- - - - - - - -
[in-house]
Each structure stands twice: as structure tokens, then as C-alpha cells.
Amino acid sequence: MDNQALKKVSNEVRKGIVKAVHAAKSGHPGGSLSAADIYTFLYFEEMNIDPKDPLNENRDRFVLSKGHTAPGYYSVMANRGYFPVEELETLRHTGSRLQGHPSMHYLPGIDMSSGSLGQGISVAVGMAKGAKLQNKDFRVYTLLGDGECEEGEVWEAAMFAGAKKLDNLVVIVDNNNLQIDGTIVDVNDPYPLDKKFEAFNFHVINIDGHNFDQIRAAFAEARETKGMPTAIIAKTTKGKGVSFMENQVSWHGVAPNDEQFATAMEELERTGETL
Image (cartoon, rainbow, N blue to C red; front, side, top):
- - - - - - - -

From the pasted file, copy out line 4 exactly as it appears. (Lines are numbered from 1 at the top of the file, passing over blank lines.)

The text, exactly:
Image (cartoon, rainbow, N blue to C red; front, side, top):